Selling for the banking industry
Banks sell very similar products. Of course each bank has its own special sauce, but overall, the products are similar-enough to lull prospective buyers into believing that it doesn’t matter which bank they buy from, or which solution they choose.
PROBLEMS SELLING A BANKING SOLUTION
Bankers therefore encounter a few problems when selling: if solutions seem the same, how does a prospect choose one over the other? or why should a person change banks?
Then there is the matter of the sales process bankers use: the focus is on getting an appointment – not on getting a sale. The overriding industry belief is that it is only with an appointment that a sale can be made, forgetting that a focus on getting an appointment is making a double sale, the first sale being the appointment, which is declined by over 90% of good leads before you even get to discuss needs or solutions.
The problem is that because the lead believes they are already taken care of, they don’t need to see you (whether they might need you or not). Not only do you leave behind a huge majority of people who might buy from you, but you are wasting humongous amounts of time. You end up meeting only a fraction of the people on the Buying Decision Team, and may need further meetings (wasting a whole lotta time) IF the original group you met with are able to convince others to meet with you again.
Your next major hurdle is your focus on getting strangers to change bankers and banks. Given they can’t differentiate you, and don’t want an appointment, you only have a fraction of your available prospect universe to work with. When you finally get interest, you’re attempting to get someone to get rid of the person they’ve been using for X amount of time. What you are saying, effectively, is:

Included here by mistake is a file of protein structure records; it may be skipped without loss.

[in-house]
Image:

Hi Mr. Jones. So nice to meet you. Say, I’d love to find out what your needs are, and what your current banking relationship is like, so I can figure out where the holes in the service are so I can get you to leave them and choose me instead. Now. That’s right. I’d like you to do it now – or once I get you to like me better than the person you’ve been banking with for the past 5 years even though you think our solutions are similar and you’re happy with them.
WHAT NEEDS TO CHANGE
Using Buying Facilitation™, it’s possible to start the conversations by entering as a decision facilitator rather than a Trusted Advisor or Relationship Manager or whatever nicey nicey term you’re using so a stranger will think you care and aren’t just trying to sell something.
Your conversation would begin by you helping the prospect ‘look around’ their environment and see what the difference is between where they are at, and where they need to be, and see if they can figure out how to get to Excellence with their current resources (Yes, including their current banker. They will go to him/her first anyway.)
And, btw, give up the need to ‘understand’ your prospect at the beginning of your relationship: you will never, ever, understand what is ‘going on’ for them, in re the internal politics of changing bankers, as an outsider! Of course, when it’s time to place the proper solution you will need to understand everything. That comes later. Your first job is to lead them much like a GPS system knows how to get you to your destination without understanding the nature of your journey.
A couple of Facilitative Questions to use midway down the Buying Facilitation™ funnel might be:
- What is stopping you from achieving the full range of banking support you might need over time?
- How would you and your Buying Decision Team know when/if it were time to add new banking services to the ones you are currently using?
It is only when, or if, their current banking relationship has something missing – something they hadn’t noticed until you taught them how to look around (by facilitating a journey of discovery – read Dirty Little Secrets: why buyers can’t buy and sellers can’t sell and what you can do about it to understand this discovery) – and gotten buy-in from all of the people – ALL of the people – that will touch a solution, that they can consider changing providers.
Stop attempting to sell. Stop pushing solution. Your solution is viable. You first need to help buyers recognize and manage all of the back-end decisions they must address on their way to Excellence. Then you’ll be a true Trusted Advisor and Relationship Manager. It’s not about your solution: it’s about when or how or if they buy.